The Air Forces of D-Day
Although the Air Force was not established until after World War II, the Army and the Navy included air corps units that flew supporting missions for battles during the war, including D-Day.
The 11,000 airplanes that supported the invasion assisted through dropping paratroopers behind enemy lines in the early hours of June 6, 1944, transporting men and equipment, fire support, and reconnaissance.
The L-3 plane was nicknamed the “grasshopper” because of its size and as it would land it would tend to bounce. This plane was also mostly made out of fabric, and pilots would use duct tape to temporarily repair the holes, especially during battle.
The Importance of Reconnaissance
L-3 planes were used as spotters and could carry a pilot and one other person at a time. Look carefully in the back of the plane for a map that the second person would mark with the enemy’s location to report back to command to assist in troop movements during battle.
Plane Identification on D-Day
National markings were too small for anti-aircraft fire in prior invasions, so Eisenhower ordered all Allied aircraft participating in the invasion to have clear and distinguished markings.
Allied aircraft on D-Day were marked with white-black-white-black-white stripes to inform the troops of the Allied Expeditionary Force that passing planes were friendly.
Flight Nurses on D-Day
While they did not fight in combat, women, such as Evelyn Kowalchuk, served as flight nurses who flew onto the beaches as a part of the D-Day invasion to treat wounded soldiers. Although she landed on June 9, 1944, she recalled that many of the flight nurses had not seen such horrific wounds in their lives.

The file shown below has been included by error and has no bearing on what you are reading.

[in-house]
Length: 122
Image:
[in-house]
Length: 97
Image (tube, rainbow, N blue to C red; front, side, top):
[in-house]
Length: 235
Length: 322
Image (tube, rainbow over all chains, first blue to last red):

Landing on the Beaches of Normandy
June 6, 1944 was the beginning of the end for Nazi Germany and resulted in high casualties on the beaches of Normandy. Over 150,000 men of the Allied Expeditionary Force fought courageously against the heavily defended Germans in less than favorable conditions.
Crossing the English Channel
This granite Higgins Boat represents the various landing craft that transported troops from ships to shore on the morning of D-Day. These boats were made out of plywood, transported 36 men with their equipment, and were fired upon before reaching the shore.
Heading to Shore
Because of obstacles in the water, such as mines and hedgehogs designed to rip open the bottom of boats, landing craft anchored off shore in 3 to 5 feet of water. Soldiers waded through the water with their guns above their head unable to return fire.
The Role of Medics
As healers not fighters, medics did not carry weapons. However, enemy gunfire did not distinguish between medics and soldiers. The soldier in this statue understands the value of medics making it to shore and sacrificed his own safety for his fellow injured soldiers.
Pointe du Hoc
On D-Day, the 2nd Ranger Battalion scaled Pointe du Hoc, the highest point between Omaha and Utah Beaches with German gun pits and concrete casemates. By the end of the day, the Rangers took Pointe du Hoc for the Allies but sustained a 50 percent casualty rate.